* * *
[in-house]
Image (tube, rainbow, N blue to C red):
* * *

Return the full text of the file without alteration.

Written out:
[in-house]
Image (tube, rainbow, N blue to C red):